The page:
Favouritism Aside, Met All-Stars Are A Joke

It would be nice to be proud that despite a mediocre record hovering constantly near the break even point the Mets were able to get three players named to the All Star team. It would be nice to believe we deserved to have all three players named.

But let's face it. Rather than merit, we must instead thank that oft-perplexing phenomenon called fan voting, which has always been a puzzling mixture of hometown stupidity and misguided sentimentality.

Case in point: the National League's starting catcher, Mike Piazza.

You have to think this is owed to either a severe case of ballot box stuffing by overzealous Met fans or a national compendium of sentimentalists and hangers-on intent on giving credence to a player's past rather than his present. What other rationale could be given for making the laughingstock of the spaghetti-armed catcher's brigade the starting backstop for this year's National League team?

At least last season's selection, despite Piazza's miserable numbers and equally miserable defence, might have been defendable based upon a combination of his having just surpassed the all-time mark for homeruns by a catcher and the natural curiosity of wanting to see a Clemens-Piazza battery in the All Star game.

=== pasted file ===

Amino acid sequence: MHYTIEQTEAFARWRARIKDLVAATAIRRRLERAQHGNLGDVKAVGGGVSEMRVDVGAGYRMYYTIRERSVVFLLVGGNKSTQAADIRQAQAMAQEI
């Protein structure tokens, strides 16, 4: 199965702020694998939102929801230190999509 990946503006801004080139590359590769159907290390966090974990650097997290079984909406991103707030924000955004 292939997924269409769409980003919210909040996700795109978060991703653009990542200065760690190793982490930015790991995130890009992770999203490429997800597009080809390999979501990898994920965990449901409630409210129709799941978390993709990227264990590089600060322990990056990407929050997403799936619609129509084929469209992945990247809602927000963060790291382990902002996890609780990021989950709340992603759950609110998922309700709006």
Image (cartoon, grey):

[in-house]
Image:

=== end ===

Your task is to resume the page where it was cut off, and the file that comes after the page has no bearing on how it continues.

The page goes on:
But this season offers no such excuses. Even Jason Phillips, the former Met backup catcher traded to the Dodgers earlier this season, is having a better season than Piazza, not to mention the Marlins' Paul Lo Duca, who at least made the team, Yadier Molina of the Cards and Ramon Hernandez of the Padres, who did not. That's four catchers in one breath more deserving than Piazza to start for the National League.

The vote is not supposed to be a referendum on potential Hall of Fame status, but a vote for who is deserving, based on current performance, who is an All Star. You don't keep naming Sophia Loren the World's Most Beautiful Woman 40 years past her prime simply because once she was the hottest biscuit in the oven, do you then?

Carlos Beltran is another anomaly in the starting lineup. Regardless of how much I look forward to seeing Beltran blossom, despite momentarily blinding superstar flashes, he hasn't yet blossomed, and certainly doesn't deserve to start in the outfield of the All Star team. Like Piazza's vote for his past, Beltran's vote seems to be for his future. The proof is in the fact that he isn't even having the best season of anyone in his own outfield.

Sadly, the best non-pitching Met and the only non-pitching Met deserving of All Star status is Cliff Floyd, the most notable Met absentee. Such is the off-key warbling of the vox populi

Of them all, the only Met deserving to be named to the All Star team who actually was, is Pedro and ironically, he is the one Met we don't really want to see in the All Star game since every pitch he throws therein is one less pitch in the arm for the Mets second half push for the NL Wildcard slot or better.

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